neo. nishidemiyako

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Marco

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If you want to have all flowers en leaves in focus, you will need a depth of field greater than f:11, but you will need way more light! I find you photographs very good and don't need really much more DOF.
On the first picture for example, if you were to use f:11, you should aim the focus at the top leaf just under the spike, that way the spike and the front fans would be in focus. If you focus on the front of the plant, the spike may already be out of focus because the DOF zone is half forward / half backward of the focusing point (dont know if this is clear, excuse my poor technical english...).

Very nice and healthy plant by the way!
 
Jal - Thanks. Your explanation is absolutely clear.

Someone else had suggested to raise the f-stop to 16 and encouraged the use of a tripod if I cannot provide ample light and decide drop the shutter speed.

I will try giving this a go within the next couple of days.
 
Jal - Thanks. Your explanation is absolutely clear.

Someone else had suggested to raise the f-stop to 16 and encouraged the use of a tripod if I cannot provide ample light and decide drop the shutter speed.

I will try giving this a go within the next couple of days.

A tripod should help a lot. I will allow you to use a slower shutter speed in lower light, and therefore greater d/f possibility.
 
Or, time to upgrade? Nikon D5, announced a couple days ago, has crazy ISO. So you can close down aperture in dim light. It's kind of revival of D3. Dot's suggestion is more reasonable, though! :p

Actually, your photo with out of focus looks nice.

Clark is probably using full-size, so he can close down more, but for me (micro 4/3), I can notice less sharp images above f/11 due to diffraction. Here is a related info: http://www.bobatkins.com/photography/technical/diffraction.html

Pretty soon, cameras probably will have on-camera focus stacking (Olympus E-M1 can do it already).

If you use phone camera (or point and shoot), you can get deep depth of focus, too.

I like this variety, too. It looks like the top leaf of the front growth is getting "naka-suke" (middle part is white).
 
Not bad pictures and nice plant/flower. An alternative to the tripod (being the best idea all around plus getting a shutter release) is to use the same settings, move back slightly and focus a bit more towards the flowers, and then crop the image a bit in the computer. When moving back and then focusing more forwards your depth of field will lengthen. Too much stopping down can increase distortion and each lens has its sweet spot but if lots of stopping down is necessary then you have a shot :)

I've been told and read/used the thought-image that when setting up your depth of field focusing line, it's best to expect that the depth of in focus field will appear to start one-third in front of that point/plane and two-thirds behind. I'm not sure if it's mathematically correct but just a helpful tool, but you see more of what's 'in front' and this way can help avoid pics with parts out of focus right up where you can see them. Also you've aligned the plant in your picture so that its mass as a rectangle is thinnest to the lens, so you don't need as large a depth field focus to get it all clearly. ... meaning if you turned it 90* then you'd have a whole lot of leaves in front and behind the flowers to need to include in an enlarged focus field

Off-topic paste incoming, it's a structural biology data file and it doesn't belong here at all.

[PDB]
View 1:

Justin, both Nishidemiyako and Higashidemiyako were found from Kyoto region, and they are old varieties. "Nishi" is west, "Higashi" is east. "de" means exit, and "miyako" means the capital (it was Kyoto before Tokyo). There are lots of varieties derived from Nishidemiyako (and some from Higashidemiyako), but from what I gathered, Higashidemiyako (which was called Miyako-fukurin originally) is an independent origin as Matt said.

Nishidemiyako looks like white fukurin (i.e. the outside of the leaves is white and inside is green). But some people say that it is actually Sankou-nakafu (from outside to inside: green-white-green), with the outside green usually not visible (here is an illustration):
http://www.geocities.jp/neofine9/gei/sankou1.gif

So they say that this could be the reason why you occasionally see "nakasuke" (green outside, white inside) leaves coming out from Nishidemiyako. Basically the middle green of sankou-nakafu becomes invisible. One leaf of Marco's might be showing this. If this fixes, it becomes Manazuru, and it might goes to complete white -> death of the growth if separated. I think Tom was talking about this.

Well, this could be too much detail. I might sound like I know what I'm talking about, but I don't know much about Neo. :p This is just what I found from web search in Japanese last year, so I don't know if it is true or not.
 
Nice plant Matt. The variegation is nicely varied (am I being redundant? :rollhappy:) in that one. I have two plants of this variety, one with pretty rock steady "fukurin" variegation, and the other a normal plant with a growth with reversed variegation - a would be Manazuru. I don't think I'll ever separate it from the main plant though. My favorite variation on this form is Tamanishiki - basically a really dwarf growing form with the same varied variegation patterns.

Naoki, well, you can't get a lot more detailed than that. Some might accuse overkill :D
 
Justin - For comparison, here is a photo of my higashidemiyako.

I will admit I don't really have a keen eye to identify the finer differences between varieties. However, comparing my nishi vs. higashi. The nishi seems to be more variable than the higashi which more consistent in variegation.

Higashidemiyako 01 - 01.09.16 by Marco, on Flickr

Tom - Thanks. A stripped variegated dwarf or bean leaf is next on my list. They are just a tough and expensive find.
 
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